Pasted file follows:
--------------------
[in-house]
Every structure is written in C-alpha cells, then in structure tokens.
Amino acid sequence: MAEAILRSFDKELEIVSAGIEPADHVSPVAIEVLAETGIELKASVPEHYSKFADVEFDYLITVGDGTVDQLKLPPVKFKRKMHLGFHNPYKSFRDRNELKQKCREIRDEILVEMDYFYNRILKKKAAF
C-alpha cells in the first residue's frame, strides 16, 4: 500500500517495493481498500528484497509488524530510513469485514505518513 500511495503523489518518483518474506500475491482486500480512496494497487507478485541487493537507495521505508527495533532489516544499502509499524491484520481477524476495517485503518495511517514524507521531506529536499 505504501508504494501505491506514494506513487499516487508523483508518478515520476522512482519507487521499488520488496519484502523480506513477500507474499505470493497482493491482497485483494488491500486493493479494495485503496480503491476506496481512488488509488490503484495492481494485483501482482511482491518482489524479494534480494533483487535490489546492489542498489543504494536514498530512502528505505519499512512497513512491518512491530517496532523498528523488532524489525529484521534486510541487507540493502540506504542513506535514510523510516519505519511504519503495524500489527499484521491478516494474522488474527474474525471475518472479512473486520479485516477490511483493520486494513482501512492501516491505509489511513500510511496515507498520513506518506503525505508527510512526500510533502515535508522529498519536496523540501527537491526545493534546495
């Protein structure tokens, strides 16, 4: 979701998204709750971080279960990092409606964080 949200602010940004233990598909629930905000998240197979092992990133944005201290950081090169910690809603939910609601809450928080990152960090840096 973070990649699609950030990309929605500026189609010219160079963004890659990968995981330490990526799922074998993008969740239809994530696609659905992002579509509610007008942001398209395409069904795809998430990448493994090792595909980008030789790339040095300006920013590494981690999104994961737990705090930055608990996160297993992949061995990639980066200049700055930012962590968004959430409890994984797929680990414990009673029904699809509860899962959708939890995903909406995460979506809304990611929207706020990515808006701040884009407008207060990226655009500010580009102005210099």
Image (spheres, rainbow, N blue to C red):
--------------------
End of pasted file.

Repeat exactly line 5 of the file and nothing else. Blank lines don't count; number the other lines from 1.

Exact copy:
């Protein structure tokens, strides 16, 4: 979701998204709750971080279960990092409606964080 949200602010940004233990598909629930905000998240197979092992990133944005201290950081090169910690809603939910609601809450928080990152960090840096 973070990649699609950030990309929605500026189609010219160079963004890659990968995981330490990526799922074998993008969740239809994530696609659905992002579509509610007008942001398209395409069904795809998430990448493994090792595909980008030789790339040095300006920013590494981690999104994961737990705090930055608990996160297993992949061995990639980066200049700055930012962590968004959430409890994984797929680990414990009673029904699809509860899962959708939890995903909406995460979506809304990611929207706020990515808006701040884009407008207060990226655009500010580009102005210099």